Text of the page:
It is significant that there are movements in society that would never abandon their central purpose so easily. I think of recovery programmes which continue to grow by faithfully refusing to compromise on their defining story. Instead they emphasise leadership through service and example, warning against preoccupations with “money, property, and prestige which divert us from our primary purpose.” (ref. 12 Traditions)
In these Easter days I’ve been deeply encouraged in conversations with friends, some on last week’s priests’ retreat, others in online and in-person chats, and by a popular little book which seeks to re-focus the followers of Jesus on the heart of our life-giving story.
“From Christendom to Apostolic Mission” (on Kindle at this link) hits the nail on the head (to use a metaphor Jesus the carpenter would have known well).
The reflection is well worth reading and sharing. You’ll read it in less than an hour.
It acknowledges that while we have come from an age of Christendom (surrounded by a culture of church buildings with religious structures and Christian values), we now find ourselves in an environment which is much more like the church of the first three hundred following the resurrection of Jesus.
This complexity is not a problem for people of faith. Instead this challenging environment is the arena for our Christ-centred adventure.
In those first three Christian centuries there were no church buildings and money was given and shared only for the poor. Every baptised person understood that s/he was missionary disciple, a professional Christian, prepared to live and to die for their story: that God in Jesus Christ is now living, risen, present and active in the present reality of our lives and of the world.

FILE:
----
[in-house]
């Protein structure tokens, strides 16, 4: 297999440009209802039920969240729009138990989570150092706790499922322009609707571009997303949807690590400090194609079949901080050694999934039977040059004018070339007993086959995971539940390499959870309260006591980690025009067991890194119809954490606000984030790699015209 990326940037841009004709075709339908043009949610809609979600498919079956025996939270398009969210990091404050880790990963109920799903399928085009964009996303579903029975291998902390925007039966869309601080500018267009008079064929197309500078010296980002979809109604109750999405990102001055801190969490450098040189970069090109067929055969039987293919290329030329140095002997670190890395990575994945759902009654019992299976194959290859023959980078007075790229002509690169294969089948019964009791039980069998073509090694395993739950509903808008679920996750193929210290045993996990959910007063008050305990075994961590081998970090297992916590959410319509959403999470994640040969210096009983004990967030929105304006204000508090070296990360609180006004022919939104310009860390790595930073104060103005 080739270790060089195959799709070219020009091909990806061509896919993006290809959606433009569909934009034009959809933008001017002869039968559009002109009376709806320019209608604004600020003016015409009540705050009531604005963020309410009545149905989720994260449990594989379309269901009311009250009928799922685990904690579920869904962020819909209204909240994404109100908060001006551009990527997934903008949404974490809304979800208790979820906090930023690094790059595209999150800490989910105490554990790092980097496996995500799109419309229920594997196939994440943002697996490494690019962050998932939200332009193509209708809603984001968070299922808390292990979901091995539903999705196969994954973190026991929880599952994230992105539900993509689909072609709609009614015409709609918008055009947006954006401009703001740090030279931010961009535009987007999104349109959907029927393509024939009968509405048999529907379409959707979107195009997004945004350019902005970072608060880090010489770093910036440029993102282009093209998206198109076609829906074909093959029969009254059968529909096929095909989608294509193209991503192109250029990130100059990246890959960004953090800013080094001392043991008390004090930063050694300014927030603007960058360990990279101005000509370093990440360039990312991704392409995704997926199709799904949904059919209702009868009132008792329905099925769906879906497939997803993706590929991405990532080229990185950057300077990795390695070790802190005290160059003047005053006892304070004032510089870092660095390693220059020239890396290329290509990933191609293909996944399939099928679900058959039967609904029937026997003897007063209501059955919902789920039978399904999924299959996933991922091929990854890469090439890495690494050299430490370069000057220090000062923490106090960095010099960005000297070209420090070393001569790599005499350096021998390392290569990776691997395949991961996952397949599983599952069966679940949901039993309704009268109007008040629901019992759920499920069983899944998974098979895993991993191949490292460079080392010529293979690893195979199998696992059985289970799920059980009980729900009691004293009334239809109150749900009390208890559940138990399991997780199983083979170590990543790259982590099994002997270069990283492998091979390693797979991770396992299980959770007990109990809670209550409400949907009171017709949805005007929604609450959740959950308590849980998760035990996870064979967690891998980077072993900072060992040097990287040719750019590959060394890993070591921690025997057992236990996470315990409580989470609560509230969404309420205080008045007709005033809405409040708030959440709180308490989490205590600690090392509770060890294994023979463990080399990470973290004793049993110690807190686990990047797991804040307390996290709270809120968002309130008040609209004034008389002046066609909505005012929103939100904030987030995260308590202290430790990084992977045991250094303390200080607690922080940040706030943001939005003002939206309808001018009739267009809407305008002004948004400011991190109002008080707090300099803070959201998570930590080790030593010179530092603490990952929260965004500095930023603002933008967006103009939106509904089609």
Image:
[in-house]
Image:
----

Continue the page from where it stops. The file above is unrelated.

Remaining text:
Perhaps Francis has also read this little book? You would think so hearing his Easter Vigil homily a couple of weeks ago.”
“A Christianity that seeks the Lord among the ruins of the past and encloses him in the tomb of habit is a Christianity without Easter. Yet the Lord is risen! Let us not tarry among the tombs, but run to find him, the Living One!…
“…The light of the resurrection …generates missionary disciples who “return from the tomb” in order to bring to all the Gospel of the risen Christ. That is why, after seeing and hearing, the women ran to proclaim to the disciples the joy of the resurrection. … Yet those women were not concerned for their reputation, for preserving their image; they did not contain their emotions or measure their words. Their hearts were enflamed only with the desire to convey the news, the proclamation: “The Lord is risen!”.
How beautiful is a Church that can run this way through the streets of our world! Without fear, without schemes and stratagems, but solely with the desire to lead everyone to the joy of the Gospel.
This is our story.
Or, to put this in the words that conclude every renewal of our baptismal promises:
This is our faith.
This is the faith of the Church.
We are proud to profess it,
in Christ Jesus our Lord.